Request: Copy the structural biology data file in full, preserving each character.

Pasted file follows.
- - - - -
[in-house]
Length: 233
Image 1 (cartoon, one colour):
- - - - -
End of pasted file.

[in-house]
Length: 233
Image 1 (cartoon, one colour):